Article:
Submitted to: Southwestern Entomologist
Publication Type: Peer Reviewed Journal
Publication Acceptance Date: July 10, 2002
Publication Date: December 1, 2003
Citation: Shapiro Ilan, D.I. 2003. Microbial control of the pecan weevil, curculio caryae, (Coleoptera: Curculionidae). Southwestern Entomologist Supplement. p.100-114. Interpretive Summary: The pecan weevil is a major pest of pecans throughout the Southeast. The objective of this paper is to provide an updated review, analysis and new data on the potential for using microbial control to suppress the pecan weevil. Microbial control agents (which may include virus, bacteria, protozoa, fungi, or nematodes) are natural environmentally friendly pesticides that can be used to suppress a pest population. Protozoa, virus, and bacteria appear to have little potential as microbial control agents of the pecan weevil. Several fungi occur naturally in pecan weevils and have considerable potential as control agents. Nematodes possess only low to moderate virulence to pecan weevil larvae, but some species particularly are highly virulent to adults. More research is needed to develop fungi and nematodes as control agents for pecan weevil.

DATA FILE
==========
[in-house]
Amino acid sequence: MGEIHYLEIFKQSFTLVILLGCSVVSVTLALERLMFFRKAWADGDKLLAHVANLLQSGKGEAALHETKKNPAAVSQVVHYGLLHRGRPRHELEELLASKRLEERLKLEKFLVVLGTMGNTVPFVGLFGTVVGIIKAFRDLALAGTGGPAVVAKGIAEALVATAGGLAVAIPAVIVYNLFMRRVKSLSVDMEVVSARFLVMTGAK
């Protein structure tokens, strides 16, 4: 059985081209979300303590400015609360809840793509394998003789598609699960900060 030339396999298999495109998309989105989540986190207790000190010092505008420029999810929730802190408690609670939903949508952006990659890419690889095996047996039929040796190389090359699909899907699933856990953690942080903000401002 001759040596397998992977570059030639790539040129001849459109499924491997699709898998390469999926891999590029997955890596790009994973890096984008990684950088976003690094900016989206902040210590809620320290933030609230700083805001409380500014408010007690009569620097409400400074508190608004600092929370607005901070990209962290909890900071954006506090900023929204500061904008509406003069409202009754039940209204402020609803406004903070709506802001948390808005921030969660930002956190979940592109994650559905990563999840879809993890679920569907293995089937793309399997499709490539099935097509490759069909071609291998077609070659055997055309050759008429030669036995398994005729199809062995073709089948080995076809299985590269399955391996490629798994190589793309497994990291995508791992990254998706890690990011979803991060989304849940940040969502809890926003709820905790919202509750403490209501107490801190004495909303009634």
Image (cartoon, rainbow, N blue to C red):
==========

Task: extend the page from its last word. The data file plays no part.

Technical Abstract: The pecan weevil, Curculio caryae (Horn) is a key pest of pecans throughout the Southeast. The objective of this paper is to provide an updated review and analysis of the potential for using microbial control to suppress C. caryae. No protozoan and only one virus disease has been reported in C. caryae, and thus the microbial control potential of these groups appears to be limited. Bacteria appear to have only low to moderate potential as microbial control agents of C. caryae due to low infectivity, poor virulence, or perhaps safety issues. Several fungi in the sub-division Deuteromycotina have been found to occur naturally in C. caryae the most common being Beauveria bassiana and Metarhizium anisopliae, which have considerable potential as control agents. Several nematodes have been reported in C. caryae but only the genera Steinernema and Heterorhabditis appear to have any promise as microbial control agents. Although these nematodes possess only low to moderate virulence to C. caryae larvae, some species, particularly S. carpocapsae, are highly virulent to adults. Overall, microbial control research on C. caryae is in its early stages and would benefit from further research.